1. Univ. of Notre Dame, IN (United States). Dept. of Civil and Environmental Engineering and Earth Science; Lawrence Livermore National Lab. (LLNL), Livermore, CA (United States). Glenn T. Seaborg Inst.
  2. Univ. of Notre Dame, IN (United States). Dept. of Civil and Environmental Engineering and Earth Science
  3. Univ. of Notre Dame, IN (United States). Dept. of Civil and Environmental Engineering and Earth Science, Dept. of Chemistry and Biochemistry
Publication Date:
Research Org.:
Lawrence Livermore National Lab. (LLNL), Livermore, CA (United States)
Sponsoring Org.:
USDOE
OSTI Identifier:
1416495
Report Number(s):
LLNL-JRNL-725124
Journal ID: ISSN 0883-2927
Grant/Contract Number:
AC52-07NA27344
Resource Type:
Journal Article: Accepted Manuscript
Journal Name:
Applied Geochemistry
Additional Journal Information:
Journal Volume: 87; Journal Issue: C; Journal ID: ISSN 0883-2927
Publisher:
Elsevier
Country of Publication:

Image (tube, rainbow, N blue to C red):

United States
Language:
English
Subject:
58 GEOSCIENCES; uranium ore; uranium ore alteration; extraction chromatography; ICP-MS; rare-earth elements fractionation

Citation Formats

Balboni, Enrica, Spano, T, Cook, N, Simonetti, A, and Burns, P C. Rare-earth element fractionation in uranium ore and its U(VI) alteration minerals. United States: N. p., 2017. Web. doi:10.1016/j.apgeochem.2017.10.007.
Balboni, Enrica, Spano, T, Cook, N, Simonetti, A, & Burns, P C. Rare-earth element fractionation in uranium ore and its U(VI) alteration minerals. United States. doi:10.1016/j.apgeochem.2017.10.007.
Balboni, Enrica, Spano, T, Cook, N, Simonetti, A, and Burns, P C. 2017. "Rare-earth element fractionation in uranium ore and its U(VI) alteration minerals". United States. doi:10.1016/j.apgeochem.2017.10.007.
@article{osti_1416495,
title = {Rare-earth element fractionation in uranium ore and its U(VI) alteration minerals},
author = {Balboni, Enrica and Spano, T and Cook, N and Simonetti, A and Burns, P C},